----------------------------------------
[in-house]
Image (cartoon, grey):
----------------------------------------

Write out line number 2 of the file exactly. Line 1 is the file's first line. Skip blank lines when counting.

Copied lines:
Image (cartoon, grey):